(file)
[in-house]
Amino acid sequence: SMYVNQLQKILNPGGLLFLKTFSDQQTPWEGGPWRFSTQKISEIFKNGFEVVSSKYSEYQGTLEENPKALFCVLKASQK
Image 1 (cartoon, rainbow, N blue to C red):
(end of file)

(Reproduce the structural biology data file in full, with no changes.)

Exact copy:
[in-house]
Amino acid sequence: SMYVNQLQKILNPGGLLFLKTFSDQQTPWEGGPWRFSTQKISEIFKNGFEVVSSKYSEYQGTLEENPKALFCVLKASQK
Image 1 (cartoon, rainbow, N blue to C red):